Sunday, March 29, 2015

Kanal Review

Often times you can get a general idea of the type of film you are about to journey through from the tone of the opening credits, and thus it was clear that Kanal was going to be a pretty gloomy beast to deal with when the first thing we see are overhead shots of destruction and devastation, clearly the result of some sort of combat. What we are witnessing is Warsaw, Poland towards the end of World War II, at a time when the strength of the Polish army is diminishing rapidly as they attempt to fight off the Germans. 

During the first act I was concerned that I was falling victim to a feeling of war film fatigue, because frankly after seeing so many different versions of cinematic combat I have grown weary of battle sequences unless they have something completely unique to deliver. However, I knew I was in for something different, something fascinating, something special when a group of soldiers with no where else to turn decide their last and only hope is to crawl down into the sewer system beneath the city and search for a way out.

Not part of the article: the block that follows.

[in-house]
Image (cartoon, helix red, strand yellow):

The already cramped tunnels feel all the more cramped because director Andrzej Wajda utilizes space as a vital way to create an ominous atmosphere, zooming in tight on his subjects to make us feel just as claustrophobic and desperate as the soldiers feel. The way the sewer is lit makes their shadows dance across the walls in haunting fashion. On a technical level, Kanal is impeccably crafted.

This is an eerie film that balances an intense feeling of realism with moments of flat out unsettling surrealism, like a nightmare that you wake up from and you aren't quite sure if it really happened or not. Despite being nearly 60 years old, Kanal not only doesn't feel hampered down by genre fatigue, it transcended any preconceived notion I had and managed to feel fresh and memorable.


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